The right to freedom of religion and belief should matter for the religious and non-religious alike

Bright Blue’s campaign and petition for the UK to remain party to the European Convention on Human Rights (ECHR) after we leave the European Union is in the best tradition. The ECHR was the masterpiece of post-war British politicians who, looking out over a continent drenched in innocent blood and counting the cost in lives and treasure of human rights abuses, grasped the need for permanent legal protections against state tyranny. Indeed, it is easy for us to overlook the fact that human rights, enshrined in treaties like the EHCR, embody the lifeblood of modern prosperity. But here we take a closer look at the value, for both the religious and non-religious, of one particular ECHR-secured human right: freedom of religion and belief, often referred to as FORB. In a continent where one state had routinely targeted individuals of a certain religion through the Holocaust, this right remains one of our most precious assets today – for all of us.

It is necessary to explain exactly what this right entails, for it is often the victim of obfuscation. The right is expressed fully in the ECHR’s Article 9. It secures the freedom to hold and change one’s own religion or belief and to manifest it in private and public. This right extends to a range of non-religious as well as religious beliefs. For a belief to be protected it must be serious, sincerely held, worthy of respect in a democratic society and concern important aspects of human life or behaviour. This includes Humanism. If the state can prove a threat to public safety/order, health, morals or the rights and freedoms of other people, it can interfere with one’s right to put their religion or belief into action, but otherwise it cannot. Finally, this freedom belongs to individuals, and not to the religion or belief itself, which means that it does not attempt to shelter religions or religious figures from criticism.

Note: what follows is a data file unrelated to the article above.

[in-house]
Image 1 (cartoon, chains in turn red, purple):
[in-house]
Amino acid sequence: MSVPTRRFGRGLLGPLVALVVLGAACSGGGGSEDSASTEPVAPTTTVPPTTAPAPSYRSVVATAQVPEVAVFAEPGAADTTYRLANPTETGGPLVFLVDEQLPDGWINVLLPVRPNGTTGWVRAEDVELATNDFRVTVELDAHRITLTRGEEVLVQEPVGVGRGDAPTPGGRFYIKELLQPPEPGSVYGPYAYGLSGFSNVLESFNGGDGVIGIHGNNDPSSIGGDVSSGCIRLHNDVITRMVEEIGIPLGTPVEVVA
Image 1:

So, why is Article 9 universally valuable? Firstly, because it is indispensable to the stimulation of harmony between the different communities comprising modern, pluralistic societies. History reveals that when the state does not provide equal freedoms to people of different religions and beliefs, the potential for violence is inflamed. The community with the religion or belief that is discriminated against naturally feels resentful towards the privileged faction and the Government of the day. This causes sectarian strife, which often escalates as the competing communities try to wrestle from each other control of the state. Far from being an intellectual abstraction, the FORB principle emerged from the ashes of these conflicts, as states realised that it represented the only path to sustainable peace. Indeed, countries that persist in avoiding enshrining this right continue to find themselves marred by violence. A strong case can also be made that the freedom to criticise religions and beliefs also, paradoxically, cultivates harmony. After all, if the state was to ban the criticism of beliefs, out of a sense that those holding them are likely to respond with violence, certain groups might be encouraged to resort to aggression when, inevitably, their religions and beliefs are subjected to scrutiny.